Four lessons from Israel’s clash with Tlaib and Omar

For Prime Minister Benjamin Netanyahu, the lesson should be: Don’t bet so big on President Donald Trump. The U.S.-Israel relationship is bigger than people, parties, and politics. It’s a profound state-to-state relationship, and even if the prime minister supposes he is getting a better deal from this president than the previous one, that’s no reason to forget there will also be a next president, and a president after that. When Democratic friends of Israel such as Chuck Schumer, Steny Hoyer, and Rahm Emanuel tell you that you are dangerously overstepping partisan limits, listen to them. Your successors will certainly wish you had.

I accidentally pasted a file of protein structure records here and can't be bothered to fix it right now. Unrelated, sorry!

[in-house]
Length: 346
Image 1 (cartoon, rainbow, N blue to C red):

For those covering these issues: How many more lessons do you need of the bottomless bad faith of Tlaib and Omar on Israel issues? A politician who will certify one day that she’s prepared to set aside her advocacy of boycotts to visit her grandmother, and then the next say that it would “kill a piece of me” to do so, should be handled with extreme care. Omar can pivot from accusing American Jews of disloyalty to the United States to expressing shock and outrage that anyone would question her attachment to the United States.

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